As I looked at these questions again, I realized that I know people who seem to be in constant fear of (or afraid of) God, but, for myself, I usually fall on the other side – being insufficiently afraid of God.  I have never seen God as One to be “feared” (in the sense of being afraid of Him).  Respected, absolutely.  But, afraid, or scared of Him?  No.  I cannot remember a time when I was truly afraid of God. 

The Twelve Extraordinary Women workbook goes on to offer the following thought:

“In this day an age, when our society seemingly desires only a God of love and mercy and not a God of justice, many people do not seem to be sufficiently fearful of the consequences associated with disobeying God’s commandments or being disrespectful to God.” (pg. 44)

I know that in the past I have drawn a connection between the parent/child relationship, and the relationship between us, as believers, and our Heavenly Father.  But, once again, my thoughts immediately went to Hannah.  We have been working to help her understand that “delayed obedience is disobedience.”  She is capable of verbalizing, and understanding the consequences for her wrong behavior.  But, I wonder, though she may comprehend the consequences of her actions, if she really fears them.  She is capable of obedience, but, she is struggling to choose to do so immediately when asked (or told) to do something.  

And, I have noticed that I have (unintentionally, of course) encouraged, or contributed to this behavior by repeating instructions, instead of requiring “first-time listening,” and immediately dealing with the issue, and allowing her to experience the consequences of her disobedience, disrespect, or defiance.  Perhaps in an attempt to show patience, grace, and mercy, I have lulled her into falsely thinking that disobedience, or defiance are acceptable, and not actions that are deserving of discipline and correction.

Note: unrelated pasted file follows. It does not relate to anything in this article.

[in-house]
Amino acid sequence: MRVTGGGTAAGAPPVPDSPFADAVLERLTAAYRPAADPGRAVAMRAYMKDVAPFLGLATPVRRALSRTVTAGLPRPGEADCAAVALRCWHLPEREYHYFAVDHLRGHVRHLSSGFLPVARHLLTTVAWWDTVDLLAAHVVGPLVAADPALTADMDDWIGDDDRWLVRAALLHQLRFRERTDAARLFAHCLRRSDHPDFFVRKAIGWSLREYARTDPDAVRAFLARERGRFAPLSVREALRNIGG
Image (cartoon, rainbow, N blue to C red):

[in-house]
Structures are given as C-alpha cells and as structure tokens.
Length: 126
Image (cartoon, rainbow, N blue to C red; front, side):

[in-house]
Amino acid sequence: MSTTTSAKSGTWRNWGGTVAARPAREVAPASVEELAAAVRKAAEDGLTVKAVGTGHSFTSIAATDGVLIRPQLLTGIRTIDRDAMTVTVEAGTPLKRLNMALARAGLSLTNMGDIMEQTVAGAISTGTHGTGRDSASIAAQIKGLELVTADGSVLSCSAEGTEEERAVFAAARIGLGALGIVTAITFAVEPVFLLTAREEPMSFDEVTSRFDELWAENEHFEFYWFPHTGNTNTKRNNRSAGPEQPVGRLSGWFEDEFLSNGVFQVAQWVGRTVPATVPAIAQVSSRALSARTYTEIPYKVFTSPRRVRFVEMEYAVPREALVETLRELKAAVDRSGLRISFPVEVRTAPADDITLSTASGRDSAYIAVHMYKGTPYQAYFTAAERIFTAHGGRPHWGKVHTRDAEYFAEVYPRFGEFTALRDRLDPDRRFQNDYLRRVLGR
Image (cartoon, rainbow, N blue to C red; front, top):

In God’s family, we, as His children, often behave the same way.  We may be capable of comprehending, and even verbalizing the consequences for our sin.  But, because we prefer to focus so much on God’s mercy, love, and compassion, we have developed an insufficient fear of Him.  We forget that he is also a holy, righteous God who hates sin.  And, that our sin is, in fact, deserving of His discipline and correction (Heb. 12:6)

I know many people who view God as a “divine disciplinarian,” sitting on His heavenly throne waiting for His children to mess up so He can “zap” them.  Every trial, every difficulty, is viewed as coming from the hand of the Lord as punishment for sins - great and small, known and unknown.  While I think this view takes it too far, I think there may be something to consider.  If my daughter truly understood, and feared the consequences of her disobedience, I am sure it would have an impact on her response and her behavior in the future.  In the same way, I think our behavior would be impacted if we viewed our sinful hearts, attitudes, and actions through God’s lens of holiness, and were sufficiently afraid of the consequences of our disobedience.